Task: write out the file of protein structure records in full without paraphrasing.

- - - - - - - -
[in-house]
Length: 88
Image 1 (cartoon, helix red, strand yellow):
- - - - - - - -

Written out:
[in-house]
Length: 88
Image 1 (cartoon, helix red, strand yellow):